The Department of Justice (DOJ) Office of the Inspector General (OIG) announced today the release of a report following up on the OIG’s 2012 report on the Bureau of Alcohol, Tobacco, Firearms and Explosives’ (ATF) Operation Fast and Furious and Related Matters. The OIG’s 2012 report identified serious management flaws in two firearms trafficking investigations, Operations Fast and Furious and Wide Receiver.
The report released today assesses the DOJ’s and ATF’s implementation of the six recommendations contained in our 2012 report. We determined that the DOJ and ATF have completed work on four of the six recommendations, and made progress toward closing the two remaining recommendations.
The four recommendations we have closed were directed to the DOJ and ATF. First, we found that the DOJ completed a review of ATF’s policies for consistency with the DOJ’s guidelines and policies. ATF also finished its own internal policy review in 2014, which resulted in revisions to its policies. Second, ATF created guidance for its agents regarding how to develop certain complex firearms cases in a manner that is consistent with the policy on firearms transfers that ATF instituted as a result of Operation Fast and Furious. Third, the DOJ instituted regular coordination meetings with leadership from its law enforcement components. Fourth, the DOJ developed new procedures regarding the review of wiretap applications.
We also determined that ATF made significant progress in implementing our recommendation concerning improvements to its case review procedures for sensitive matters. For example, ATF instituted a Monitored Case Program (MCP) to provide heightened scrutiny over cases that involve significant risk and revised its policies on Undercover Operations and Confidential Informants. ATF has also taken many of the steps we recommended to further improve its oversight of sensitive matters, and it has committed to making additional improvements. The OIG will continue to monitor ATF’s progress in this area.
Our remaining recommendation from the 2012 report was that the DOJ review the policies and procedures of its law enforcement components, other than ATF, to ensure that they are sufficient to address the concerns we identified in the conduct of Operations Fast and Furious and Wide Receiver. The DOJ convened a working group and reviewed component policies on issues such as oversight of sensitive cases and informant otherwise illegal activity, and this effort led to the issuance of important guidance documents.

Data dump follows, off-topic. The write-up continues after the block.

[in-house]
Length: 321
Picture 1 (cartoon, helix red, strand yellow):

However, we determined that the policies of the DOJ and its law enforcement components other than ATF did not sufficiently address risks associated with firearms transfers that were identified in our prior report. The Department has responded positively to our concerns on this issue, though some work remains to be done. Specifically, during our follow-up review, DEA issued a policy that includes guidance on firearms transfers, and ODAG has informed us that the FBI and USMS will be modifying their policies similarly.
Additionally, this recommendation in our 2012 report specifically addressed our concerns about law enforcement components’ use of informants who are also regulated by that component. We found that the DOJ and DEA failed to respond to this part of our recommendation as it pertained to DEA. Our review of DEA’s policies also revealed that they still do not incorporate important requirements from the DOJ’s guidelines on confidential informants, such as directions regarding otherwise illegal activity and procedures for approval of certain highly sensitive informants. The Department has informed the OIG that it is working with DEA to revise DEA’s informant policies and to address these issues. Our report identifies the steps that we believe the Department and its law enforcement components need to take in order to close this recommendation.